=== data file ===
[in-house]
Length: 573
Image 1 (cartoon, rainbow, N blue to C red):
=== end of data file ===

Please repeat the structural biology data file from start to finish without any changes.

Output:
[in-house]
Length: 573
Image 1 (cartoon, rainbow, N blue to C red):